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OpEdNews Op Eds    H3'ed 7/29/17

The Middle East Future: US, Saudi Arabia and ISIS, Three Key Players: Proposing a Peace Plan

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Three Key Plaers who make secision for the Middle East
Three Key Plaers who make secision for the Middle East
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Two months have passed since President Trump made his first foreign visit to Saudi Arabia. But the talk and analyses on the fortune Saudis spent on dealing arms are still on people's lips.

On 24 May 2017, the German SPIEGEL online published a report in which Martin Schulz, the Chairman of the Social Democratic Party of Germany, warns of an incoming 'arms race' in the Middle East.

In the report, by pointing out what had been discussed in the NATO recent summit, Martin Schulz stated that if there is only one phenomenon running in the Middle East, it is the 'race of arms'; instead, a security architecture is needed to be planned.

Schulz also stated that Europe should interfere more strongly in Russia and Europe's superpower diplomacy, and it should not allow the arms deals to fall into the cycle of race and competition. He says EU should prevent military conflicts in order to save Europe from confronting again with the human disaster of migrant crisis.

Schultz also believed that equipping Saudi Arabia with arms, which Washington justifies due to the Iranian military power, will run an arms race in the region.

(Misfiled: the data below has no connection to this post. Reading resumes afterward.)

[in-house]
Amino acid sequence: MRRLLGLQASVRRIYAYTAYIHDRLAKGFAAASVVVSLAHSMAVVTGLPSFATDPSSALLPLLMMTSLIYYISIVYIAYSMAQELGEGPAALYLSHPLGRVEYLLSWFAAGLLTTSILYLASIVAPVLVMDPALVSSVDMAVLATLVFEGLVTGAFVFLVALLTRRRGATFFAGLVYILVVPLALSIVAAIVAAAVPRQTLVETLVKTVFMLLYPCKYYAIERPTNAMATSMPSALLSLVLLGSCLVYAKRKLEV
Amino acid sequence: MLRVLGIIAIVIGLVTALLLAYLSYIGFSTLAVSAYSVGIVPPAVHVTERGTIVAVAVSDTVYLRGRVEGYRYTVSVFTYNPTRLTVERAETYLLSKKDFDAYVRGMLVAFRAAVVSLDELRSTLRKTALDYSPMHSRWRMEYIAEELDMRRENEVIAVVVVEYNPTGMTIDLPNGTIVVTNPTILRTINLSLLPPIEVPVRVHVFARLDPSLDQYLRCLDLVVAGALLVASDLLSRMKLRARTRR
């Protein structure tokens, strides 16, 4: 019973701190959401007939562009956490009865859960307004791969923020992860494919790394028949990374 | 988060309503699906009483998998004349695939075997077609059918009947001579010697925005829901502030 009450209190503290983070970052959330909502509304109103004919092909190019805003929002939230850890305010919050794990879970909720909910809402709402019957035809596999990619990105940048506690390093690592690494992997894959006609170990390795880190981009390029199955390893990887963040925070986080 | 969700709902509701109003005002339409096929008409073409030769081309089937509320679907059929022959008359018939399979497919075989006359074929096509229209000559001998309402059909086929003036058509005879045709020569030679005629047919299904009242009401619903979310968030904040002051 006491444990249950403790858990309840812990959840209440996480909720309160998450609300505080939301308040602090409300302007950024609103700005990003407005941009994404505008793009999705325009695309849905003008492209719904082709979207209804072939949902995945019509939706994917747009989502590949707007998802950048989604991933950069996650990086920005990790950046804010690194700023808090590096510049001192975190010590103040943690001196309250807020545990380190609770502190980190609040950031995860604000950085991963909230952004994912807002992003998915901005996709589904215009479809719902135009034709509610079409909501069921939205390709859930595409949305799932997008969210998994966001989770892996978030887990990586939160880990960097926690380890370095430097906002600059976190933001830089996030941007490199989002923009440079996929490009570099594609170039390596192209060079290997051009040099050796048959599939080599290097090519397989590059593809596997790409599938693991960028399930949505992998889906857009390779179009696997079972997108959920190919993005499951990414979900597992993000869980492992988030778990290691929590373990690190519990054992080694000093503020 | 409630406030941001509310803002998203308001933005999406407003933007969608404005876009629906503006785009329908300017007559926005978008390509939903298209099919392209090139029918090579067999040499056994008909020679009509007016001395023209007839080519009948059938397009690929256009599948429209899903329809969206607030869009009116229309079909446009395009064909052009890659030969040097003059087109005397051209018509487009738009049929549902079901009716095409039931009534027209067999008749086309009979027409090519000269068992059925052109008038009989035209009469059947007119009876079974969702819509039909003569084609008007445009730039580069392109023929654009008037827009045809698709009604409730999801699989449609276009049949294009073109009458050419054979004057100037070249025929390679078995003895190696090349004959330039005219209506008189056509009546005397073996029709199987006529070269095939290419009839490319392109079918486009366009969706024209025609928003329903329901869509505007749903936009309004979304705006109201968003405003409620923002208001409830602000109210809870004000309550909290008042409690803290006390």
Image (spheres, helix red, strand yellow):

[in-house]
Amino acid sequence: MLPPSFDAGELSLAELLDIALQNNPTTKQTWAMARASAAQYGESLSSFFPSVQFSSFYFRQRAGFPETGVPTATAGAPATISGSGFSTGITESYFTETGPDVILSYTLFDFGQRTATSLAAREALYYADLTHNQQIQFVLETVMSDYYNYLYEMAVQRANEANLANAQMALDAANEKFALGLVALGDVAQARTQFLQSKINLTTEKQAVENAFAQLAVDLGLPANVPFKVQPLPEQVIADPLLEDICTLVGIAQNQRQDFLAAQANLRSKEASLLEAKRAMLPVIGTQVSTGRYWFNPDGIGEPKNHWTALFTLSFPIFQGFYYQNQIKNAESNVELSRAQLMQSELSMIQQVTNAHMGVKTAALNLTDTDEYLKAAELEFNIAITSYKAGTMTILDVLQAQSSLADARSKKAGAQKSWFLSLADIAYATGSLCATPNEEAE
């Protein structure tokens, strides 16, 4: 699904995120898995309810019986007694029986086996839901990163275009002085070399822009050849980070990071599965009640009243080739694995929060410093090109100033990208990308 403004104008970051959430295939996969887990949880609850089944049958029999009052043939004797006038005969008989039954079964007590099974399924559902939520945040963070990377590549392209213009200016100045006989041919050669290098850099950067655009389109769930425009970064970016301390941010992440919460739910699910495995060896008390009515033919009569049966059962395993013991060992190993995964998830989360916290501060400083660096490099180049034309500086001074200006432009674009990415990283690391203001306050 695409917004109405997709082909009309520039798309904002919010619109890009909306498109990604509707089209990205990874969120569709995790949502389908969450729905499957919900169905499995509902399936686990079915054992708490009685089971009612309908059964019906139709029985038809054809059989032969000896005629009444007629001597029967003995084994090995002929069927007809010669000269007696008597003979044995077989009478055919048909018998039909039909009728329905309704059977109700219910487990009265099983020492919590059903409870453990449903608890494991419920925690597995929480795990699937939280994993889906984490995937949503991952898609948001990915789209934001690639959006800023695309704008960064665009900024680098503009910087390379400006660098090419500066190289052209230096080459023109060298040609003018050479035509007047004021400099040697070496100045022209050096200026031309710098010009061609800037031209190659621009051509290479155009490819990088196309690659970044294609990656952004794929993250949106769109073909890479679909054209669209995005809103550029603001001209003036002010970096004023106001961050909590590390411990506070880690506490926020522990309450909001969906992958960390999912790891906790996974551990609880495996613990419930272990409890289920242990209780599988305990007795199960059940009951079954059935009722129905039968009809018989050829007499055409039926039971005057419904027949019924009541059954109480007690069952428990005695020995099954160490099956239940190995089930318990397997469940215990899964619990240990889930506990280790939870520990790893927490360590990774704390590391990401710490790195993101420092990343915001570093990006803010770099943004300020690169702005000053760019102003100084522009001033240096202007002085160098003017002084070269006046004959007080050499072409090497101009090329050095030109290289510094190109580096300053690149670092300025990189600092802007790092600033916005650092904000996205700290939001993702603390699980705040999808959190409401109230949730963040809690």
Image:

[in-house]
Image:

"Here, it is our duty as Europeans to frankly tell the US that their policy seems unreasonable," Schulz stated in the report.

In this report Schulz expressed his concern over this issue that "The 68-year-old commitment mentioned in the introduction of our constitution has been violated by 2016 worldwide astronomical military costs spent on arms deals, almost in the Middle East, Korean Peninsula and South Asia to increase their attack proficiency."

The world is actually witnessing a new wave of weapons deals. It is evident that with the help of weapons and military forces, the world cannot withstand the structural reasons of struggles and challenges including poverty, drought, displacement and hunger. This disaster won't be solved unless there are economic, political and social developments in the areas affected by the competition over arms deals. What the world actually needs is not more and more weapons, but the justice and the chance for development and progress, a constitution and a commitment like the one Schultz mentioned.

The complexity of today's world is increasingly surging ahead. The two blocks of East and West no longer exist, and even the logic of "horror balance" no longer has validity. In fact, the logic of causing nuclear fear isn't practical any more to stop and prevent the killings and brutalities of terrorist groups like ISIS, withstanding North Korea's dictatorship, and eradicating the worldwide cyber terrorism.

In fact, what is needed for the world is a new peace policy, both for defying the logic of increasing cold weapons, and offering a logical response to world terrorism threats.

Every nation that aims to effectively fight against terrorism must accept the risk of minimizing the terrorist weapons. The justifiable part of this new peace policy should therefore be focused on reducing the use of war weapons, not on dealing them.

History has shown that having more weapons won't bring more security. Instead, it should take more time to invest and research on planning peace projects. Here, the European Union plays a very critical role. The EU indeed should leave the position of a looker-on and play an active role in the establishment of an international peace policy.

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Multilingual Translator and Freelance Writer, PhD.D candidate, Studying Politics and international Studies at SOAS
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